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updated 2/4/2013 6:32:59 PM ET 2013-02-04T23:32:59

Renowned for helping men sharpen their skills, master pickup artist Nick Savoy turns the tables in "It's Your Move," and provides women the intellectual ammunition they need to get what they want. Here's an excerpt.

Five Secrets of 100,000 Pickups

Love Systems has been around in one form or another since 2004. In that time, our instructors have witnessed and/or participated in more than a hundred thousand dating interactions between men and women of almost every social class, race, culture, and type of physical appearance within a wide range of ages. We have paid very careful attention to every one of these pickups and attempted pickups. As a result, we have accumulated a tremendous amount of research into what women actually respond to in a man, via the most reliable method: observing and testing out in the field. This large sample size allows for some strong conclusions that go far beyond the anecdotal. We’ve been sharing these conclusions with our male clients for years to help them attract and date the women they want; now I’m going to share some of them with you.

I should probably warn you that you may not like or want to believe everything you read here. That’s okay. I’ll even acknowledge that not everything in this chapter will necessarily apply perfectly to you—any model that treats three billion women as a single group will inevitably have exceptions. But there are also good reasons, which we’ll cover in the next chapter, why what people respond to is often very different from what they think they respond to. One hundred thousand approaches don’t lie, and the observations and conclusions I’m going to present in this chapter all represent very strong tendencies—strong enough that we’ve used this information to build the methods that we teach our clients, and our clients are very successful at employing what we teach them.

YOU WANT MEN WHO HAVE HIGH LEVELS OF SOCIAL INTELLIGENCE

Phil—a doctor and former bootcamp client—was and is a bright and affable guy. Popular and well respected at work, he had limited time and energy for a social life, usually preferring to relax with a book or a trip to the gym. When we first met, he definitely came across as highly intellectual and intelligent, but not as someone who anyone would think of as being cool.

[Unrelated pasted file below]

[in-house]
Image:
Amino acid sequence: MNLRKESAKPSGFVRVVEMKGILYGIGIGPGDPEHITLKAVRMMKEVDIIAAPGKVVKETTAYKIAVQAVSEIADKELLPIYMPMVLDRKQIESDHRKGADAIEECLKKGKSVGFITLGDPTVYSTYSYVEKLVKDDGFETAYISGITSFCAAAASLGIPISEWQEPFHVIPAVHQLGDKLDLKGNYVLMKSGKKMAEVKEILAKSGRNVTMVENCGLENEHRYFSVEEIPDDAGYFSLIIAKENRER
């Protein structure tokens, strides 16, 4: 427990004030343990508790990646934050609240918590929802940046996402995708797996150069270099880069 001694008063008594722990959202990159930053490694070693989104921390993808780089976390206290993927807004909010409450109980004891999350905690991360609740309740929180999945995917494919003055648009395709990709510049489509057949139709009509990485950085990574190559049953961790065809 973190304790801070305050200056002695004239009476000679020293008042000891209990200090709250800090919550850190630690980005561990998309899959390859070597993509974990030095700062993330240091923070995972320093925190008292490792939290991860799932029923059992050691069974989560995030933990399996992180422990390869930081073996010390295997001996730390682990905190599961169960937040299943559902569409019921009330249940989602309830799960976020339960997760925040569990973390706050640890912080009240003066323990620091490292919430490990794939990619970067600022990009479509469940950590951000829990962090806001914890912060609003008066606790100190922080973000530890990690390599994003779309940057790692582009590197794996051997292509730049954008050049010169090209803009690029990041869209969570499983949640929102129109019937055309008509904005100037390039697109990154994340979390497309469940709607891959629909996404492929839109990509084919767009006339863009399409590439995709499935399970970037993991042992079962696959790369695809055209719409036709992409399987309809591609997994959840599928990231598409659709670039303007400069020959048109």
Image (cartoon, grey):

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At the beginning of his bootcamp, Phil was able to approach and introduce himself to women, but couldn’t get much of a dialogue going. These women politely answered Phil’s questions, but tended to return quickly to their original conversation and even forget that he was there. A few minutes later, Phil would slink back to our group, having generated zero interest. He was confused; most of the women he’d met in his life had been friendly. But the women he was meeting tonight were making no effort to talk to him or get to know him after he introduced himself. That just seemed rude.

One of the instructors took Phil aside and explained to him that he was displaying a lack of Social Intelligence. Phil’s behavior was more appropriate for a cocktail party or a work social event, where people wouldn’t be more than a degree or two of separation from each other. In such environments, people are generally inviting and sociable; you probably have mutual friends or interests in common (which is how you both ended up at the same event to begin with), and, at the very least, you wouldn’t want to offend whomever invited you by being rude to other guests. But on the bootcamp, the women he was approaching were complete strangers, and Phil did not have any value to them simply by being at the same nightclub. As such, these women felt no obligation to draw him into their conversation. They already had people to talk to, and having Phil standing nearby awkwardly alternating between silence and get-to-know-you questions was not adding anything to their night. Further, he was ignoring social conventions around dating and attraction. If a man approaches a woman, she usually expects him to have something interesting to say and to be able to carry most of the conversation at first. By treating a nightclub as if it were a friendly cocktail party, Phil was projecting a lack of Social Intelligence. The women he met weren’t being rude; they were just reacting to this awkwardness.